I am a geographer specializing in human systems. My passion is studying underrepresented populations so that I can assist in their integration into the communities in which they live. I studied Human Ecology because it is a wonderful blend of the disciplines of geography, anthropology and sociology. No matter the context in which I find myself, I am an observer of humans in their environments and how the influences in those settings build and nurture sense-of-self, sense-of-place, and sense-of-direction in educational, familial, and community settings. My work focuses on the cross-cultural and intercultural traditions of multi-lingual populations acculturating into their receiving communities and being successful in educational arenas of higher education. This work includes gathering, analyzing, and writing about health, well-being, and environmental/social connectedness in their communities. My research focuses on Minority-majority, rural, Midwest communities. My role as director of intercultural learning and academic success at Kansas State University allows me to discover more about myself as I work with others in their paths to self-discovery in their own interactions with students and families who come from different parts of the country and the world all converging in educational spaces. Recently, I lived, worked and played in Southwest Kansas, a region marked by Minority-majority populations centers (56% – 68%). Some of my research results are used to address poverty, low educational attainment, poor health outcomes, and cultural norms in multi-cultural settings. I work to assure a representative sample for my research, so I engage in multi-lingual research (English, Spanish, Burmese, French, Tigrinya, and Somali). Building trust and relationships is the key to my success as a multilingual researcher. Presently, my research takes me in the micro-communities of populations represented by nine African countries (Eritrea, Ethiopia, Sudan, Kenya, Senegal, Uganda, Ivory Coast, Somalia, and Cameroon), seven Latin American countries, and six Asian countries. Yes, it is rural Southwest Kansas, and many of the densely-settled and frontier rural communities act as receiving centers for refugees and other displaced populations, because of the availability of jobs.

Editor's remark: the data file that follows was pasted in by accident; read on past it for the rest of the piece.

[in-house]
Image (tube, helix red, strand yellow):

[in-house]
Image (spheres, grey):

I am the recent recipient of National Geographic Society’s Research and Exploration grant to introduce Geographic Information Systems (GIS) to females of color. This inter-generational, intercultural class hosted middle school, high school, and adult females who learned the basics of GIS with a variety of applications from remote sensing to city planning to Google Earth, and to Pokémon GO! By the time the young ladies finished the class, they were able to build cities, map their communities, log trips from their countries of origin to the Midwest. I am in the mid-year of the grant funding, and my target for completion was July 2018. I have new funding to extend this work to new cohorts.
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One thought on “Remembering Riki”
I loved your tribute to Riki and I am sorry that I didn’t know her. Your loving stories of her kindness to others brought tears to my eyes because I know that the grief never stops for you and her children.